Who Are AARS?

AARS is an organization of rose enthusiasts who actually care that the roses you purchase live up to the highest standards of quality. Many people don't even know this organization exists. Most consumers probably take for granted a rose's beauty and heartiness because they think that's just the nature of the rose. After all, how else could this elegant beauty have survived through countless centuries?

Well it might surprise you to know that not all roses are worthy of the AARS' Seal of Approval. If a rose cannot measure up to the strict standards set forth by the AARS, the All-American Rose Selections, then it won't get this seal that since 1983 has become synonymous with quality in the world of roses.

This not-for-profit organization of introducers and growers of roses prides itself in evaluating roses not only on how well they look, but also how well they can deal with various changes in climate and even how well they can ward off the peskiest of pests and disease.

For two long years, several new rose specimens are grown in approved test gardens that are located all over the United States. These testing areas are located in California, Massachusetts, West Virginia, Illinois, Wisconsin, Washington and 13 other states of varying climate zones to see how well each specimen can tolerate the different weather patterns.

Those in charge of the test gardens have agreed to follow the growing guidelines developed by AARS, ensuring consistency throughout the evaluation phase. The guidelines are not overly complex. They've been developed in a way that the average rose grower can understand which also helps to ensure that if a rose does ultimately receive the AARS Seal of Approval it can be successfully grown and maintained by anyone, regardless of their level of rose-growing expertise.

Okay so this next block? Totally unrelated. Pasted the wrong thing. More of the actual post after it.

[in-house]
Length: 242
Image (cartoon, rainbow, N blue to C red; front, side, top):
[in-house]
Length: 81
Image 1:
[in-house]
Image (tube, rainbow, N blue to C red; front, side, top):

Besides the climate, the rose specimen under evaluation receives numerical scores in many other areas including its fragrance, its color when it opens and when it peaks, its foliage, its ability to flower, its buds, stems and flowers, its vigor and finally its overall value.

Each year several new specimens pass the test and are awarded the AARS Seal of Approval. The 4 winners for 2006 are: Julia Child, an old-fashioned grand dame, just like its namesake with a buttery gold color and excellent disease tolerance; Rainbow Sorbet, a floribunda with a medium sized flower in a bright mix of orange, yellow and red; Wild Blue Yonder, a grandiflora with shades of lavender and the scent of citrus and rose; and Tahitian Sunset, a grand hybrid tea that produces peach-apricot-pink flowers 5 inches in diameter with up to 30 petals each, finished off by the scent of licorice.

Remember, part of the testing criteria is that the AARS winners must be easy to grow by an average-skilled gardener. So make plans to visit your local nursery or garden or home center this spring to snatch up these best of breed roses. They're also available online and via mail order.

Where to next?
Learn more about the importance of soil testing and how to use a soil ph meter.
Discover effective tactics for killing weeds and in particular crabgrass control.
Or that essential ingredient of all successful gardens - read about building a compost heap or potash fertilizer.
Maybe you're a rose fan, in which case our rose gardening series will help with everything from growing miniature roses to rose trees.